A continent or so away, produced what most of us felt: Shame. Bergman was normally not an outright political filmmaker. The extremists certainly sniffed out the moderate artist within him. Not that they would watch his films anyway, being put off by subtitles (I don’t know how many times I’ve had to bite my lower lip after hearing camo-clad bumpkins proudly proclaim that they didn’t want to read a movie).

The focus of Bergman’s anger is war, but reeling from the criticisms he had received from utilizing the infamous footage of a Vietnamese monk’s immolation in 1966’s Persona, Bergman is more ambiguous here. He doesn’t state that his subject is Vietnam per se, which is why Shame is not as well-known as that previous film. Bergman’s ambiguity in a way neuters his own work, preventing it from becoming an equivalent to Picasso’s “Guernica,” which still provokes war-minded leaders (George W. Bush’s lackeys had a replica of  that famous painting covered up with a black curtain at the United Nations). We could see Shame one way: like , Bergman is a consummate artist lacking the courage of his ethical and social convictions (which were hinted at in Persona, although that film did not overtly subscribe to any specific ideology). In the case of both artists, their aesthetics are undermined by fear of being labeled political. In the case of Keaton, it took an artist of more elementary aesthetics (Charles Chaplin) to call out racism, sexism, and eventually Fascism. Likewise, Bergman’s Shame is rendered less impactful compared to his earlier opus and to the wave of anti-Vietnam films to come. Bergman plays it safe, indirectly shifting blame to a God in the sky instead of any persons or factions. Of course, we could also look at Shame as a desolate parable that transcends a specific time and place. It’s not an either/or assessment as much as it’s both/and.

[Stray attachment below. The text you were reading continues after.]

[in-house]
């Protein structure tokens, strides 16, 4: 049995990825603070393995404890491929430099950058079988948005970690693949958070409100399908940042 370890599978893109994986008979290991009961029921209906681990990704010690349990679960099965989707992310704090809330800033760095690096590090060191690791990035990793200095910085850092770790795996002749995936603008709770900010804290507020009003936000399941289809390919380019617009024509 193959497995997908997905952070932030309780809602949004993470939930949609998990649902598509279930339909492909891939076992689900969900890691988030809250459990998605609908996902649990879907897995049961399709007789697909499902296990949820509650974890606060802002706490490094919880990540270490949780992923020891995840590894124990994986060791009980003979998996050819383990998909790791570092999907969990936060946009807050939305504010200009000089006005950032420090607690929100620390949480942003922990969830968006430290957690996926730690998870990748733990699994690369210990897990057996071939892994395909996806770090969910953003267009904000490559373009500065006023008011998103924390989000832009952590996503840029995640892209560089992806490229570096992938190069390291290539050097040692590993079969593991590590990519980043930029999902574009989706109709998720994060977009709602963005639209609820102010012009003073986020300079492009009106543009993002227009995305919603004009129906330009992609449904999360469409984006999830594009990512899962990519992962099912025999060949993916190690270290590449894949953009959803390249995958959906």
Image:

In his later 1990 biography, “My Life in Films,” Bergman writes that he had previously been very proud of Shame, feeling that it exposed the personal violence of war, but added that he had come to be disappointed in it after realizing the his intentions were self-defeating.

Regardless of one’s view, Shame is aptly not a comfortable experience. The story centers around a musical couple, Jan () and Eva () Rosenberg. Although loving, they are tormented by Eva’s barrenness, poverty, and the civil war surrounding their dilapidated home on an unnamed island.

Despite its enigmatic qualities, Shame is still superlative Bergman and startling. Having fled larger society, the Rosenbergs have become recluses, but their imperfect and monotonous  tranquility is consumed by warfare.